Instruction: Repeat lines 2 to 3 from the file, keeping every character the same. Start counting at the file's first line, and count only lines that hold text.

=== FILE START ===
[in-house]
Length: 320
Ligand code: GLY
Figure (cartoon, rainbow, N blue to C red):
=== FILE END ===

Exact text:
Length: 320
Ligand code: GLY